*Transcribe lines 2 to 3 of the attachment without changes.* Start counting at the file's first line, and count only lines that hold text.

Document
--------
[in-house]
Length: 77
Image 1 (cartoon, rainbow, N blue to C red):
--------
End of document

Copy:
Length: 77
Image 1 (cartoon, rainbow, N blue to C red):